State statue requires a mental health evaluation prior to hiring and additional consultations every three years. Do you think additional support is needed? If so, what? Additionally, are you in favor of standards for physical fitness for your staff?

Frady: As far as the mental health stuff goes in our department, we see a lot of things.

You can talk to people about it and tell them what goes on, but people just don’t believe the things that go on in our county. These officers see that and they take it home with them. They keep it in their selves, so it does have a big bearing on a person.

You’ve got to have some avenue of escape from that. If it’s a hobby … hunting, fishing, going to the lake or the beach or just out hiking in the woods … that’s one way of doing it.

It may be that you need to speak with someone. In our office, we have the capability of a young lady that’s in there; she has time for our officers to come by and talk to her if they have an issue or just feel the need to talk. I think we need to expand on that so we can have it. It deals with those things, other than just mental. The physical health and stuff, we need to be fit. You can look at me and tell it’s not worked too well … age and circumstances add to that, but our officers who are out in the field dealing daily with the people they need to be physically fit for their benefit and their health as well as everybody else’s.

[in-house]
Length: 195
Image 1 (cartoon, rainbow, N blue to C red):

Owenby: We use responder support services. The sheriff has been fabulous to work for and he saw the need several years ago to bring in responder support services.

She comes in and our guys can speak with her at any time and place. I’ll tell you, I’ve seen things that people can’t fathom and so it’s a place for them to talk to somebody and get help so it doesn’t lead to more drastic things down the road whether it be alcoholism and, I hate to say it, suicide. We see things that people shouldn’t have to see. Listen, it may not show, but I run three days a week and I love it. That’s my release and I get out there because I know in this line of work it’s a high-stress job.